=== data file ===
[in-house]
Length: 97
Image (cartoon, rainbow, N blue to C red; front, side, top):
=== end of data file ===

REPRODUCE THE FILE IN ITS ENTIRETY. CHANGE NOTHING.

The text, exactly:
[in-house]
Length: 97
Image (cartoon, rainbow, N blue to C red; front, side, top):